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DAILY NEWS ANALYSIS

GS-II :
  • 06 February, 2020

  • 4 Min Read

Banking Regulation Act, 1949

Syllabus subtopic: Government Policies and Interventions for Development in various sectors and Issues arising out of their Design and Implementation.

Prelims and Mains focus: about the amendments proposed and their significance; about cooperative banks; about the act

News: The Union cabinet has approved changes to the Banking Regulation Act to strengthen oversight of cooperative banks.

Background:

  • In September 2019, the RBI superseded Punjab and Maharashtra Co-operative Bank Ltd. (PMC Bank) board after uncovering several irregularities. Cash withdrawals were capped at Rs.1,000 per account for six months, but subsequently relaxed to Rs.50,000 as panic spread among depositors.

  • Urban cooperative banks (UCBs) reported nearly 1,000 cases of fraud worth more than Rs.220 crore in past five fiscal years, a Press Trust of India report said, citing the RBI.

Aim of the amendment

The proposed amendment is aimed at protecting the interests of 86 million depositors who have put money totalling around Rs.5 trillion in 1,540 cooperative banks in the country.

Present Scenario

  • Cooperative banks are currently under the dual control of the Registrar of Cooperative Societies and RBI.

  • While the role of registrar of cooperative societies includes incorporation, registration, management, audit, supersession of board and liquidation, RBI is responsible for regulatory functions such maintaining cash reserve and capital adequacy, among others.

What are the amendments proposed?

  • It will give the Reserve Bank of India wider powers to regulate cooperative lenders and prevent frauds such as the one seen at Punjab and Maharashtra Co-operative Bank Ltd.

  • Once the amendment is cleared by Parliament, cooperative banks will be audited according to RBI’s norms and the central bank can supersede the board, in consultation with the state government, if any cooperative bank is under stress.

  • Appointments of chief executives will also require permission from the banking regulator, as is the case for commercial banks.

  • Audit of such banks will be as per RBI guidelines and recruitment for banks’ management will be based on certain qualifications. All these steps will be implemented by RBI in a phased manner.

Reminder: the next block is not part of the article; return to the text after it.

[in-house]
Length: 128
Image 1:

• The administrative role will continue to be done by the Registrar of Cooperative Societies. The amendments will apply to all urban co-operative banks and multi-state cooperative banks.

About the Act:

  • The Banking Regulation Act, 1949 regulates all banking firms in India. Passed as the Banking Companies Act 1949, it came into force from 16 March 1949 and changed to Banking Regulation Act 1949 from 1 March 1966.

  • It is applicable in Jammu and Kashmir from 1956.

  • Initially, the law was applicable only to banking companies. But, in 1965 it was amended to make it applicable to cooperative banks and to introduce other changes.

Overview:

  • The Act provides a framework under which commercial banking in India is supervised and regulated. The Act supplements the Companies Act, 1956. Primary Agricultural Credit Society and cooperative land mortgage banks are excluded from the Act.

  • The Act gives the Reserve Bank of India (RBI) the power to license banks, have regulation over shareholding and voting rights of shareholders; supervise the appointment of the boards and management; regulate the operations of banks; lay down instructions for audits; control moratorium, mergers and liquidation; issue directives in the interests of public good and on banking policy, and impose penalties.

  • In 1965, the Act was amended to include cooperative banks under its purview by adding the Section 56. Cooperative banks, which operate only in one state, are formed and run by the state government. But, RBI controls the licensing and regulates the business operations. The Banking Act was a supplement to the previous acts related to banking.

Source: Livemint


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